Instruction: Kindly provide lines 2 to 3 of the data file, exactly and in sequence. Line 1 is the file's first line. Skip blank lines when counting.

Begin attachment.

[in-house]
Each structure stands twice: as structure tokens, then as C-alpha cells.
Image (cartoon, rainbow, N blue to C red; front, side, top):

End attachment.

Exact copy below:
Each structure stands twice: as structure tokens, then as C-alpha cells.
Image (cartoon, rainbow, N blue to C red; front, side, top):